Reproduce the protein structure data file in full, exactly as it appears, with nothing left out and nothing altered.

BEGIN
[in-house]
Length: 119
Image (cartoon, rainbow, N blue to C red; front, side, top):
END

[in-house]
Length: 119
Image (cartoon, rainbow, N blue to C red; front, side, top):